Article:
Stocks: 4 things to know before the open

premarket october 30

Happy GDP day!

Here are the four things you need to know before the opening bell rings in New York:

1. Get ready for GDP: At 8:30 a.m. ET, the U.S. Bureau of Economic Analysis will release its first official reading of gross domestic product for the third quarter.

It's widely expected the economy grew by 3%, which would be solid, but not stellar.

Keep in mind, the first estimates for quarterly GDP tend to be a little off. The numbers aren't set in stone and will eventually be revised.

Also at 8:30, the Department of Labor will post data on weekly jobless claims.

2. Market moves: U.S. stock futures are not moving too much from their Wednesday closing levels.

One stand-out performer ahead of the open is Visa (V). Shares are pushing up by about 4% premarket after the company reported quarterly earnings that beat estimates.

The latest reading on the CNNMoney Fear & Greed index shows extreme fear has been shaken out of the market. Investors are still feeling relatively fearful, but the mood seems to be under control.

On Wednesday, U.S. stocks edged lower. The Dow Jones industrial average lost 31 points, the Nasdaq slid 0.3%, and the S&P 500 declined by 0.1%.

Related: Billionaires double since the financial crisis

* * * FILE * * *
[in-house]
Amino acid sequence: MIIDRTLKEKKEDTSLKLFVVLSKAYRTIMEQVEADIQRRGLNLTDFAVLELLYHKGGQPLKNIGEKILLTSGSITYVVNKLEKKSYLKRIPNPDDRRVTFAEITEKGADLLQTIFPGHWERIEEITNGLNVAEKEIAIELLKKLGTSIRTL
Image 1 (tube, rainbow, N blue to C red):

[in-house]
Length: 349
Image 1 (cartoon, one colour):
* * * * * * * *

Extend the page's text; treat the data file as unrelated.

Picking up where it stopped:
3. Earnings: The New York Times (NYT), MasterCard (MA) and Kellogg (K) are set to report earnings before the opening bell.

LinkedIn (LNKD), GoPro (GPRO), Groupon (GRPN) and Starbucks (SBUX) will report after the close.

Related: CNNMoney's Tech30

4. International markets overview: European markets are mixed in early trading. The banking sector is looking particularly weak, especially among those banks that recently failed a regulatory health check.

Investors are watching various European economic figures coming in on unemployment, inflation and consumer confidence.

Asian markets were also muddled.

Samsung was commanding the most attention overseas after reporting a big plunge in quarterly profits. The company's smartphone business is getting squeezed by competitors at both ends of the price spectrum.

However, investors had been bracing for the worst and the results weren't as bad as expected. Shares popped by about 4.5%.

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